Students as Decision-Makers


John Dewey, credited as the father of modern progressive education, said, “Education is not preparation for life; education is life itself.” If one embraces Dewey’s concept for education, as I do, then one necessarily agrees that education happens not only at school; it happens everywhere.

So, as we begin this new academic year, I pose a challenge for us as a community to work together to prioritize and build the school-home partnership for the benefit of student learning everywhere. One way to do this is to connect what teachers try to do at school with what parents try to do at home. I say “try” because we know that we may have the best intentions for implementing practices for learning, but it may take time and iterations to work effectively. In other words, we can always get better – at school and at home.

To elaborate on the school-home partnership for student learning, let’s focus on the idea of teaching students to be confident decision-makers.

At school, places where students can engage in systemic decision-making, as outlined by Adam Fletcher, student engagement specialist for SoundOut, include in classrooms, with administration and through culture.

CLASSROOMS: Students participate in classroom decisions, they are taught critical and consensus skills and are encouraged to participate in decisions affecting themselves, their peers and their communities.

Examples: In Ms. Dalakas’ Middle School ESL class, students initiated a toy drive this month wherein they have been given full responsibility for all decisions regarding the project from start to finish, including which organizations to work with, the rules of the toy collection, the communication about it and the how of delivery. In Dr. Manney’s Grade 10 English class each year, students read short stories that pose moral dilemmas that ask them to weigh in on real-life decisions, engage in intense discussions about right and wrong and consider what they would do in difficult situations.

ADMINISTRATION: Students participate as full members of committees and training and awareness activities wherein school wide decisions are made.

Examples: This year, students in High School are part of a Sex Ed committee who will design a curriculum and teach sex ed content to their peers. Also, student participation on important committees such as our MSA Accreditation Planning Team is invaluable for us. This committee spearheaded the articulation of the school’s core values and oversees other activity related to Pinewood’s accreditation status.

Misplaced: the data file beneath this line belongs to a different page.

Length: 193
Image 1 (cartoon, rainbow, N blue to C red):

CULTURE: Students are authorized to mediate decisions, spaces are created for student decision-making and student forums are facilitated for students.

Examples: This year, we have initiated a series of town hall meetings in the high school to provide a forum for student voice on topics of relevance and importance to them. We also continually strive to find the right approach to student council, both in the Elementary and Secondary Schools, so that students have opportunities to create and run social and service projects that are important to them.

At home, parents can support their children’s development as sound decision-makers, too. In a recent article in The Washington Post’s On Parenting section, author Kate Rope outlines 6 things parents can do to raise kids to be confident decision makers. Below is a summary.

Empathize, but don’t solve the issue

Try to listen without jumping in. If we can press the mute button and pause, that’s where the growth comes in.

Help your child listen to herself

Use words like “seems like” and “sounds like” to help a child identify what he/she is feeling rather than telling them what to feel.

Provide structure

Give the tools for decision-making: set time frames, show them how to do a pros and cons list, tell them how you would make a decision if it was your decision to make. And, let them know that you are confident that they can make the decision.

Practice decision-making

Look for small moments for your children to make decisions, like asking them to decide what to have for dinner, and make suggestions, not decisions, for them.

Encourage reflection

When your son or daughter makes a good decision, acknowledge it. Also acknowledge when they didn’t follow their inner compass.

Discuss learning to live with regret

Let your children know that bad decisions are part of life and help them find ways to work through the discomfort of them. Deconstruct bad decisions and help them think through what might be helpful the next time.

As we work together to prioritize our school-home community, let’s align our efforts by orienting our approaches towards those that provide Pinewood students with validating opportunities for building knowledge and skills needed to make informed decisions everywhere.